On the stairway, this instrument is a Newtonian reflector by William Herschel, famous for discovering the planet Uranus and building very large reflectors.  this is his 7-ft (focal length) model, the type used in the discovery of Uranus. 

The dodo (Raphus cucullatus) is an extinct flightless bird that was endemic to the island of Mauritius, east of Madagascar in the Indian Ocean.

     The fate of the poor dodo bird is slightly misrepresented by history. It seems “common knowledge” that all dodos were hunted down by European visitors, because they were slow and had no innate fear of humans. This is only partially true. It wasn’t the main reason for their extinction.  Yes, many were collected by the Dutch sailors and settlers, but there was something else that had a larger impact on their eventual extinction, invasive animals that the sailors brought with them on their ships; namely, rats, cats and pigs that went feral.  They actually sealed the fate of the dodo by eating all the dodo eggs they could find that were all on the ground in the simple unprotected dodo nests. The mother dodo would only lay one egg per season. It didn’t take long for the production of new baby dodo chicks to take a very steep decline. None of the nests were safe from foraging wild pigs and a multitude of newly introduced rats.

Fossil Crinoid Sea lilies of the Silurian sea

     This display of fossil crinoid and coral of impressively large proportions,  is an amazing giant natural association of a concentrated group of large, complete prehistoric SEA LILIES of the species Scyphocrinus elegans with a rare fossil coral colony. The slab was formerly the bottom of the 460 million year ago Silurian sea where a number of these creatures died and became buried still in their original articulated positions as they were when once alive.  Amazing!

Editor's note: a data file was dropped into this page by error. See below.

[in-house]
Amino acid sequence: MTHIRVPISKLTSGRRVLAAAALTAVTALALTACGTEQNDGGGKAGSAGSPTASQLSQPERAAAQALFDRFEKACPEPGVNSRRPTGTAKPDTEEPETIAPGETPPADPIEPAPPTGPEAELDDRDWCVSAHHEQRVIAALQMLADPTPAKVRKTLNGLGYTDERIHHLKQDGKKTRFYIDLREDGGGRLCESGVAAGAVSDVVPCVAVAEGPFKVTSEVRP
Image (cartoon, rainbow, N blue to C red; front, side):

My guess: The Spiny Leonaspis

     Trilobites were a very diverse group of extinct marine arthropods. They first appeared in the fossil record in the Early Cambrian (521 million years ago) and went extinct during the Permian mass extinction (250 million years ago). They were one of the most successful of the early animals on our planet with over 25k described species, filling nearly every evolutionary niche. Due in large part to a hard exoskeleton (shell), they left a excellent fossil record, (pictured above).

The Bridge of Sighs at the University of Oxford

     While leaving the Oxford, I crossed under the Bridge of Sighs.  The real name of the bridge is the Hertford Bridge and it was built in 1914 by Sir Thomas Jackson. It took its popular name from the fact that it is supposed to look just like the bridge of the same name in Venice. Actually it resembles the Rialto Bridge more than anything else, but the Bridge of Sighs sounds more romantic.

     The bridge is a fine example of the Quadrature of the Parabola, developed by Archimedes in the 3rd century BC – a rather difficult geometrical concept in that the area of a parabolic segment is 4/3 of a certain inscribed triangle. It all comes down to the triangle (top) of the bridge is supported by the arch (parabola) because they are of the same base length and height.

%d bloggers like this: